String Instruments & Accessories

Cello sizes for young players and smaller adults

February 02, 2018

Cello sizes for young players and smaller adults


Just off the phone from a mum who wants her son to begin playing Cello. Obviously the first question fired at me is, ‘what size must I get’? After a lengthy explanation and details such as age etc, I finally asked her son’s height – which turned out to substantially less than even an average child of that age. I had to start the whole process over again, learning once again that age is not a good guide to choosing a Cello size, especially with our diverse population in the UK.

What then to look for? Through the years we have put forth various theoretical approaches to this question using age, height, length of arm and hand size, which are all very pertinent. But here I intend to stick my neck out and say that the only safe and sure way, is to get the Cello into playing position with the pupil.

Get him seated so that his (I hate his/her, so will alternate!) legs are parallel to the floor and the knees bent at 90 degrees – some prefer a slight tilt so that the knee is actually lower than the hips. Get the cello with spike out so that the lower bouts are clasped between her knees with the lower curve tucked into her left knee. If the size is correct the upper rim of the body should rest easily on the breast bone, at an angle of 45 degrees.  The tuning pegs will be more or less level with the left ear, especially the lower peg.

This should suffice to get an idea of the correct size, except only for a final check, using the arm and hand size. The left hand should clasp easily around the neck and the fingers be able to reach easily to the C string. Should her hands be exceptionally small you may have to consider a smaller Cello.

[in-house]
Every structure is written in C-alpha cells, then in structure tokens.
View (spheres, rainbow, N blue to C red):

It is common sense to check this with your teacher as some have very strong views on the subject. I, on the other hand sometimes, depending on age (Say 12-ish!) and when they are considering moving from ½ (which he has been on for far too long) to ¾, may advise parents to go full size – within reason.

Alternatively consider hiring the next size (3/4) to bridge the gap until you are ready for full size

Adults of smaller stature are catered for as well. Here is photo showing five sizes of Cello for adult players. They are on level stand to convey the relative sizes. The first is a rather big ‘Rogeri’ copy, the second (still full size) is standard ‘Strad copy’ labelled Johan Stohr; the third is a slim and slender ‘Guadagnini’ copy by Hidersine; the third is a 7/8 Cello by Westbury and finally a ¾ Elysia.

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One Comment

  1. A Whitehead Says: 2nd February 2018 5:11 pm

    Some good advice here. I would just add that when going up a size, time the swap over to just AFTER you have taken an exam to give yourself the maximum amount of time to adjust to a new size cello.

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